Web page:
The planned UAMS Center for Innovation in Precision Medicine could put cancer patients in Arkansas and beyond closer to new diagnostic tools and expertise for assessing risk and achieving even earlier diagnoses.
The clinicians seeing patients as well as the researchers developing new medicines or diagnostic tools are talking and sketching ideas for taking the center from concept to execution. It’s not a question of “if,” it’s “when,” said Jennifer Hunt, M.D., chair of the Department of Pathology in the UAMS College of Medicine.
The important early component for the center will be genetic testing equipment and other instruments for analyzing or documenting a patient’s genetic blueprint. Planners are seeking space on the UAMS campus for the lab equipment since the existing clinical lab is at maximum capacity.
“The center and its lab will mean we can deliver really cutting-edge care in the state without sending lab work or patients out of Arkansas,” Hunt said. “We’re here and would be able to take the results directly to the clinicians caring for the patients.”
The lab would be a centralized campuswide resource. Each department, institute or program could recruit or assign faculty to the project.
Kent McKelvey, M.D., a founding member of the Division of Genetics in the UAMS College of Medicine, is one clinician researcher excited about the forces coming together at UAMS. As director of Cancer Genetics Services in the UAMS Winthrop P. Rockefeller Cancer Institute, he has been helping patients make treatment decisions using genetic information for several years. But, he said, the tools are getting better so the potential at UAMS is even greater.
“This center will mean we can systematically apply the latest understandings in molecular genomics to the clinical care of our patients,” he said. “While our cancer genetics clinic has always been a resource for personalized medicine for those who knew about it or were referred, we will soon have resources and impetus to broaden our efforts in cancer prevention and be more precise in the molecular diagnosis and treatment of some cancers when they occur.”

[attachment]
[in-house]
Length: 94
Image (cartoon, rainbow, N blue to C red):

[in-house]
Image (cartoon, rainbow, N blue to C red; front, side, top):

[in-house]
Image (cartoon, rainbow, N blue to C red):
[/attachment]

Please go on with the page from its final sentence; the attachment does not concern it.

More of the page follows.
With more precise lab testing available through the center, results can be focused down to the individual patient. Test results could point clinicians to a specific treatment or series of treatments that will work best for that particular patient based on his or her genetic makeup.
Genetic tests can already identify risk for various types of cancer. As understanding of the human genome increases, more advanced testing promises to find new targets for treatment or disease prevention.
“We are now able to test hundreds of genes on a clinical basis and these genes represent more than 50 well-described cancer syndromes — all with implications for care,” said McKelvey, who in 2009 became the inaugural recipient of the Winthrop P. Rockefeller Chair in Clinical Genetics at UAMS. “In some cases we literally have the whole genome at our fingertips.”
In planning for the lab construction, both Hunt and McKelvey expressed optimism. “This is just the beginning of the genomics era in precision medicine and UAMS is at that interface of technology and patient care, so momentum is really picking up,” McKelvey said.